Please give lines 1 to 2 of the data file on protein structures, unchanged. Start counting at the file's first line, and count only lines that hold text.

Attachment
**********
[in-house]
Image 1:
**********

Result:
[in-house]
Image 1: